h1

Ethics

November 8, 2009

In Walski’s industry honesty is key, and trickery will only promote mistrust in your fans and will tarnish your reputation in your career. For those simple reasons it seems only natural to have a set of guidelines that should be abided to.

I found the NPPA Code of Ethics,

”The National Press Photographers Association, a professional society that promotes the highest standards in visual journalism, acknowledges concern for every person’s need both to be fully informed about public events and to be recognized as part of the world in which we live.” http://www.nppa.org/professional_development/business_practices/ethics.html 08/11/09

after searching the ‘rules’ of photography and to see if when a line was crossed, what really happened next?

The following section was taken from the NPPA website:

http://www.nppa.org/professional_development/business_practices/ethics.html 08/11/09

Code of Ethics

Visual journalists and those who manage visual news productions are accountable for upholding the following standards in their daily work:

  1. Be accurate and comprehensive in the representation of subjects.
  2. Resist being manipulated by staged photo opportunities.
  3. Be complete and provide context when photographing or recording subjects. Avoid stereotyping individuals and groups. Recognize and work to avoid presenting one’s own biases in the work.
  4. Treat all subjects with respect and dignity. Give special consideration to vulnerable subjects and compassion to victims of crime or tragedy. Intrude on private moments of grief only when the public has an overriding and justifiable need to see.
  5. While photographing subjects do not intentionally contribute to, alter, or seek to alter or influence events.
  6. Editing should maintain the integrity of the photographic images’ content and context. Do not manipulate images or add or alter sound in any way that can mislead viewers or misrepresent subjects.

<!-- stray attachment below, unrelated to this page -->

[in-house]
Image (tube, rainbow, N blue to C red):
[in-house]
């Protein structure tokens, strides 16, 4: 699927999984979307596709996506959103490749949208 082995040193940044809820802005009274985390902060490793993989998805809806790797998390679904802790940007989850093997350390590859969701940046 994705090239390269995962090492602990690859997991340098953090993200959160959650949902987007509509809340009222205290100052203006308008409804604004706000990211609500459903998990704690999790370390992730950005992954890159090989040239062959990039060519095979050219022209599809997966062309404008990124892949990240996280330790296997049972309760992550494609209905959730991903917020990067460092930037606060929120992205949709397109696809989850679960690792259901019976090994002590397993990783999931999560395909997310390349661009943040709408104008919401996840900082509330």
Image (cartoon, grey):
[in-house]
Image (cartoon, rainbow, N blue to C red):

7. Do not pay sources or subjects or reward them materially for information or participation.
  8. Do not accept gifts, favors, or compensation from those who might seek to influence coverage.
  9. Do not intentionally sabotage the efforts of other journalists.

Ideally, visual journalists should:

  1. Strive to ensure that the public’s business is conducted in public. Defend the rights of access for all journalists.
  2. Think proactively, as a student of psychology, sociology, politics and art to develop a unique vision and presentation. Work with a voracious appetite for current events and contemporary visual media.
  3. Strive for total and unrestricted access to subjects, recommend alternatives to shallow or rushed opportunities, seek a diversity of viewpoints, and work to show unpopular or unnoticed points of view.
  4. Avoid political, civic and business involvements or other employment that compromise or give the appearance of compromising one’s own journalistic independence.
  5. Strive to be unobtrusive and humble in dealing with subjects.
  6. Respect the integrity of the photographic moment.
  7. Strive by example and influence to maintain the spirit and high standards expressed in this code. When confronted with situations in which the proper action is not clear, seek the counsel of those who exhibit the highest standards of the profession. Visual journalists should continuously study their craft and the ethics that guide it.


The sincerity of the industry seems legitimate and from the guidelines and policies it seems that honesty really does mean everything,  ”Visual journalists operate as trustees of the public. Our primary role is to report visually on the significant events and varied viewpoints in our common world. Our primary goal is the faithful and comprehensive depiction of the subject at hand. As visual journalists, we have the responsibility to document society and to preserve its history through images.” http://www.nppa.org/professional_development/business_practices/ethics.html08/11/09

Advertisements

Leave a Reply

Fill in your details below or click an icon to log in:

WordPress.com Logo

You are commenting using your WordPress.com account. Log Out / Change )

Twitter picture

You are commenting using your Twitter account. Log Out / Change )

Facebook photo

You are commenting using your Facebook account. Log Out / Change )

Google+ photo

You are commenting using your Google+ account. Log Out / Change )

Connecting to %s

%d bloggers like this: